One of the hottest topics in the Linux world lately has been the issue of atomically updating a file on a filesystem that uses delayed allocation, and whether fsync() is an acceptable solution. This is an issue now because, even though many filesystems have used delayed allocation for a while, ext4 is the first to make it into common enough use to spark the debate. One of the best discussions I’ve seen so far is from Alexander Larsson’s (thanks to Wes Felter for the link). It also refers to a proposal from Ted Ts’o regarding the issue which is worth reading.
One of the things that might not be obvious about Ted’s proposal is that it’s constructed to maintain a separation between files and the directory entries that (might) point to them. The desirability of such separation is a bit of a religious issue which I’m not going to get into; the point here is that, while Ted doesn’t explicitly mention it, this explains many things about his proposal that might otherwise seem strange or unnecessary. It’s actually a good proposal as far as the file/directory separation issue goes, but I think it runs smack into another issue: like the fsync() approach, it tries to fix an ordering issue by forcing synchronous updates. In the same LWN discussion Ted even cites Anton Ertl’s explanation of what’s wrong with synchronous metadata updates, but I would say that synchronous data updates – such as the fsync-like behavior implied by the comment attached to flinkat() in Ted’s proposal – are bad for almost exactly the same reasons. The problem here is that the common open/write/rename idiom represents a clearly intended ordering of both file and directory operations, and that ordering can be preserved for the file operations (the writes) but the directory operation is allowed to “jump the queue” because it’s not a file operation. (Note, BTW, that the open is both a file and a directory operation, with clear ordering semantics wrt the writes. So much for that mythical separation between file and directory operations.) My suggestion is that if you have an ordering problem then you should provide a way to preserve ordering. Forcing certain operations to be done synchronously is not necessary and hurts performance/scalability, which is exactly why people are avoiding or complaining about fsync() in the first place.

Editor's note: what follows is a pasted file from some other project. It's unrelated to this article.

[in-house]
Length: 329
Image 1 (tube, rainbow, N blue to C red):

Unfrtunately, the issue of ordering vs. synchrony highlights a pretty fundamental problem that pervades POSIX: the assumption that synchronous operations are the norm, and asynchronous operations are handled in a second-class kind of way if at all. If not for that, then all metadata calls including rename() could be done asynchronously. Once you’re doing operations asynchronously, it’s a small step to add predicates that must be satisfied before they execute. A solution for some hypothetical system not hobbled by some of the sillier Linux/UNIX/POSIX dogma might therefore look like this:
- token1 = fbarrier(fd);
- Inserts a marker into fd‘s I/O stream, and returns a token corresponding to that marker. The token does not become valid until the marker leaves the I/O stream.
- token2 = rename_async(old_name,new_name,token1);
- Queues a rename operation from old_name to new_name, to execute when token1 becomes valid, and returns token2 representing the status of the rename itself (e.g. queued, completed, failed). Note that token1 could represent any kind of pending event, not just a token from fbarrier.
- status = query_token(token2);
- Find out whether the rename actually completed (optional). There could also be wait_for_token(), epoll() support for generic async tokens, etc. providing a fully generic infrastructure for asynchronous programming.
Someone’s bound to point out that such an approach does not lock the parent directory (as Ted’s proposal does). That means it’s still vulnerable to certain kinds of races involving the parent; separate solutions for that problem should be obvious and are left as an exercise for the reader. The particular problem I’m trying to focus on is of preserving a commonly expected kind of ordering between writes and renames, without forcing any of the operations to be synchronous.